The Power to Get Things Done was recently released and is available on Kindle or in paperback.

What goals do you consistently set for yourself to help keep your productivity up? Share with me in the comments below!

The Pieces of Success

ID-10028822As so many of us launch into spectacular plans for the new year, whether those impact our businesses or our personal lives, there are a few things to remember when to comes to gauging the success of those plans. To truly be successful is to be in it for the long haul.

For the most part, your success is determined by your hard word, and by your choices. You can work harder than anyone you know, but if at the end of the day you make the wrong decisions, you will never achieve the success you want. So many people think that they deserve to be successful just because they work hard, but this is not the case. Hard work is simply a piece of the puzzle.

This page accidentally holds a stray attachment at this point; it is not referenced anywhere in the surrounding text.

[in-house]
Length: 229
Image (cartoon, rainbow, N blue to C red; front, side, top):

Many hard working people claim that they have “bad luck” when things turn sour, despite their efforts. In reality, it is poor choices that ultimately lead many of these people to why their hard work isn’t leading to success. This isn’t to say that every choice you make has to be a good one – to hold yourself to such a standard would be to set yourself up for failure. Instead, you need to make more good choices than bad ones, and minimize the impact of the bad choices by accepting them and fixing it quickly.

Becoming successful takes time and effort, and unfortunately many people want to get from point A to point Z without all of the challenges, lessons, and milestones in between. You cannot work hard and immediately expect the success that you think you deserve. Success is not an entitlement, no matter how badly we want it to be one.

I’ve said before that working hard is only the first part of success. Making good choices is the second part. It takes both to achieve success.